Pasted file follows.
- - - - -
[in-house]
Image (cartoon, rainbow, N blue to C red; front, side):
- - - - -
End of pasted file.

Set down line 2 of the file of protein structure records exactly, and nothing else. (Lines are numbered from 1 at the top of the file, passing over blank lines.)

Image (cartoon, rainbow, N blue to C red; front, side):